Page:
China files the highest amount of blockchain-related patents in the world. Most importantly, blockchain and other data-related technologies (such as quantum computers, artificial intelligence and autonomous vehicles) were included in recent state development plans as an “essential line of development”. Furthermore, the National Development and Reform Commission (NDRC) stated that blockchain will be used alongside other emerging technologies as part of the backbone system for managing information flow in China.

Within this framework, gigantic tech firms, state-owned and private enterprises, banks and telecommunication companies, local and provincial governments, and even courts, are now jointly and severally concentrating efforts to develop, improve and implement blockchain in their respective fields.

As blockchain technology matures, what are the emerging trends?

Trial and pilot implementations are currently being carried out in China, and some applications of the technology might contribute to simplifying and/or overcoming long-standing issues, both in terms of accuracy of information and the time spent obtaining it. For instance, in the field of traceability of goods, some private Chinese tech companies currently provide services to track goods using the DLT along the supply chain from each factory to the end user. Such reliable traceability services could assist in better supervising, tracking down and solving quality issues along the supply chain. It may also be extremely helpful to curb counterfeiting and other intellectual property rights (IPR)-related infringements, which are still a massive phenomenon in China, in offline and online markets alike.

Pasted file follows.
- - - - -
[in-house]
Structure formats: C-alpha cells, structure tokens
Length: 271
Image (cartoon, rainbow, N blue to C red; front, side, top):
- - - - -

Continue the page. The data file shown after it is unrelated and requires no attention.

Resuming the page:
This blockchain-based system might allow for distinguishing more easily between genuine and counterfeit goods (the latter being not registered in the shared ledger or, for example, not traceable back to the rightful owner of the connected IP rights). This can save time in proving ownership of a given IP right, or in investigation and evidence collection (fundamental in anti-counterfeit and infringement procedures, and for liquidation of damages in court).